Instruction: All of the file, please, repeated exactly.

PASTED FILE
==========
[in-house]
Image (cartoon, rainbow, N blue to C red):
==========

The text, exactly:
[in-house]
Image (cartoon, rainbow, N blue to C red):